Friday, March 12, 2021

TV Review: WandaVision


There have been other television shows set in the Marvel Cinematic Universe like Agents of SHIELD or Daredevil, but WandaVision is different.  Using Disney+ as their platform, Marvel is taking their movie star characters and placing them in series such as this as well as the upcoming Falcon and Winter Soldier and Loki.  

This is a bold step.  While television is a held in more regard than it was decades ago, there is still a stigma of moving from movies to TV.  There is a risk of diluting or damaging the brand and the characters by making them for television.

Luckily, this is not the case with WandaVision.

In fact, this series allows for supporting characters in the larger films to finally have the focus.

The show also takes an incredibly risky step in throwing you into the deep end of the show's concept without explaining anything for at least three episodes.

The show begins with Wanda Maximoff (Elizabeth Olson) and her newlywed husband, the android Vision (Paul Bettany) entering Westview to begin their lives.  However, everything and everyone (including our main characters) appears to be something out of a 1950's sitcom like The Dick Van Dyke Show.  While there is a bit of strangeness at the end of the first episode, almost everything plays out like a normal sitcom of the era.  The next two episodes proceed the same way in the genre of the sixties (like Bewitched) and the seventies (like The Brady Bunch).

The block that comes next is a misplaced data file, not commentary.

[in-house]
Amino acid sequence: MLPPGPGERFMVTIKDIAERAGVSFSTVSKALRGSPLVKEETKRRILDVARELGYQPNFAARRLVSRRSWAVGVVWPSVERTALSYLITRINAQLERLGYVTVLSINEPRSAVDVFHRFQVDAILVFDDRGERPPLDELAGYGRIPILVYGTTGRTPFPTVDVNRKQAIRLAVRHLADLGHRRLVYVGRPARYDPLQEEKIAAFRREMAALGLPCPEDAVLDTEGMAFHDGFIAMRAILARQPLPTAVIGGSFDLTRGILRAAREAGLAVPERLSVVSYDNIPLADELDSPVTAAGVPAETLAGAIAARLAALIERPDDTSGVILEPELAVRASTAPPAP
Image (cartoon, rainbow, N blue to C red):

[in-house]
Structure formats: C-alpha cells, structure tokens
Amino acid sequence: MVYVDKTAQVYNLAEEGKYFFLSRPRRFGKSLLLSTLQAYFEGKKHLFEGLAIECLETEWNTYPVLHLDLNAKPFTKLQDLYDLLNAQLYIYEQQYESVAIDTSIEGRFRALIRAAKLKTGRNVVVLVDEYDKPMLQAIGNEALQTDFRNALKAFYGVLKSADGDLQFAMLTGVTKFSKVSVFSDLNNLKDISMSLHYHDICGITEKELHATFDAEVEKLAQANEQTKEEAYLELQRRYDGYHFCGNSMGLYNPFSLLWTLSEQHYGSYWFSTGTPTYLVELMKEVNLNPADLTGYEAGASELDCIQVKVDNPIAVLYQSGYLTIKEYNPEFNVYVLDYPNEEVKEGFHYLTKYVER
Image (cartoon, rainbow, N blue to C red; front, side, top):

During this time, they encounter wacky neigbors like Agnes (Kathryn Hahn) and Geraldine (Teyonah Parris).  Wanda even gives birth.  But all the while, there are only hints at something more sinister underneath all of this charm.  Along with this, many unanswered questions begin to lurk in the minds of the characters.  After all, Vision was killed in Avengers: Infinity War, but he appears to be back with no explanation.

Luckily, answers start coming in episode 4.  I will not spoil them here, but the show does a good job of slowly unraveling the mystery behind the events.